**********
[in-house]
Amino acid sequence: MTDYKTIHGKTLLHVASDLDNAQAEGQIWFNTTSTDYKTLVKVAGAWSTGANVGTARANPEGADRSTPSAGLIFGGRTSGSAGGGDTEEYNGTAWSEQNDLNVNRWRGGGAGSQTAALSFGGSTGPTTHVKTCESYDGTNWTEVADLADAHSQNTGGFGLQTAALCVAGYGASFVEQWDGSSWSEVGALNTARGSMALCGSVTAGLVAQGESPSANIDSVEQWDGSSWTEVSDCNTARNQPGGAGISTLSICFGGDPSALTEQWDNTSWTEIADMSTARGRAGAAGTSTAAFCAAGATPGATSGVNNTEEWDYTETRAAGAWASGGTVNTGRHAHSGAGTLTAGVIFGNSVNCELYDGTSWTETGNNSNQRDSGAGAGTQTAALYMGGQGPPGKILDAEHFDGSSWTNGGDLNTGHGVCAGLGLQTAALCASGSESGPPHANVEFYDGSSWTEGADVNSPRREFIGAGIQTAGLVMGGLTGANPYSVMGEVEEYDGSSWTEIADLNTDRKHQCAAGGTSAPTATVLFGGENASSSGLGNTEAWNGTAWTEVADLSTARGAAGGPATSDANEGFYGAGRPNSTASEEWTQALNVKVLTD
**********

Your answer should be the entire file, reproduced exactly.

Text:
[in-house]
Amino acid sequence: MTDYKTIHGKTLLHVASDLDNAQAEGQIWFNTTSTDYKTLVKVAGAWSTGANVGTARANPEGADRSTPSAGLIFGGRTSGSAGGGDTEEYNGTAWSEQNDLNVNRWRGGGAGSQTAALSFGGSTGPTTHVKTCESYDGTNWTEVADLADAHSQNTGGFGLQTAALCVAGYGASFVEQWDGSSWSEVGALNTARGSMALCGSVTAGLVAQGESPSANIDSVEQWDGSSWTEVSDCNTARNQPGGAGISTLSICFGGDPSALTEQWDNTSWTEIADMSTARGRAGAAGTSTAAFCAAGATPGATSGVNNTEEWDYTETRAAGAWASGGTVNTGRHAHSGAGTLTAGVIFGNSVNCELYDGTSWTETGNNSNQRDSGAGAGTQTAALYMGGQGPPGKILDAEHFDGSSWTNGGDLNTGHGVCAGLGLQTAALCASGSESGPPHANVEFYDGSSWTEGADVNSPRREFIGAGIQTAGLVMGGLTGANPYSVMGEVEEYDGSSWTEIADLNTDRKHQCAAGGTSAPTATVLFGGENASSSGLGNTEAWNGTAWTEVADLSTARGAAGGPATSDANEGFYGAGRPNSTASEEWTQALNVKVLTD